These days I do a lot of policy work related to research and developing ideas for research, more than research itself. My background is geo-engineering, or geo-science, an inherently interdisciplinary field because you deal with what nature gives you. You do your best to mathematically quantify it all and characterize it by chemistry, or biology, or some other principles of science. So I'm accustomed to a world where things are not always defined precisely by a specific discipline. At Georgia Tech I've worked to get our institution engaged in what I call the great issues of the day. The great issues of the day typically are interdisciplinary. Take sustainability, for example. How are we going to continue to grow an economy in this world in a way that is sustainable so future generations can live on this planet in some semblance of what we have today? Another example is energy. Energy demand will grow by 50 percent by the year 2030, and there is nothing stopping it. The economies of China and India are continuing to roar. Clearly we're going to need every source of energy we've got, including carbon-based fuels—petroleum-based fuels as well as coal. We've got to figure out ways to use these fuels as energy sources that don't damage the planet. We've got to cut down on the greenhouse gases, and we've got to capture the carbon we produce. We have to do all those things, and that's an interdisciplinary problem.

And is that something you'll carry with you to the Smithsonian?
I hope. I will look for ways at the Smithsonian for us to be engaged in these great issues. That also translates into education. How do you educate young people so that they'll carry out these activities? How can young people compete in a world where they're going to be taking jobs ten years from now that don't exist today, using technology that doesn't exist today?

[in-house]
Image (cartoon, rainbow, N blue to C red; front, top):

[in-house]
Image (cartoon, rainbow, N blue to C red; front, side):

As president of Georgia Tech, you're credited with a paradigm shift, focusing on creative pursuits such as music, poetry and team sports. In fact, Georgia Tech experienced a 50 percent increase in engineering students who also played musical instruments. Do you envision such a paradigm shift for the Smithsonian Institution?
I think that the Smithsonian has huge assets and resources that can be used in different ways that can be shaped to address issues in a way not possible if everyone stays confined in one space. It's not a question of changing what those assets are; it's a question of looking at them in a different way.

Your new office overlooks the shuttered Arts and Industries building, and that building needs more than $170 million to renovate. Will the Smithsonian's infrastructure be a priority?
Yes, of course, and yet at the same time I do think, based on my experience as a civil engineer, that the press reports of the Smithsonian's infrastructure issues are overstated. There is no question the need is large; there is no question it is a problem; and there is no question, again speaking as a civil engineer, that it will take a good deal of time. One should not be overwhelmed by it. You need to develop a carefully reasoned plan and work it out with your stakeholders. You need to talk about how you'll address this problem issue by issue by issue, so that in three to four years you have tackled those problems you said you were going to tackle. The Arts and Industries building is a spectacularly beautiful building. I don't know quite what the ultimate outcome of the building will be for its use, but I think you'd have to think very carefully about what you would do with that building because it holds such a central position on the Mall.

About Beth Py-Lieberman
Beth Py-Lieberman

Beth Py-Lieberman is the museums editor, covering exhibitions, events and happenings at the Smithsonian Institution. She has been a member of the Smithsonian team for more than two decades.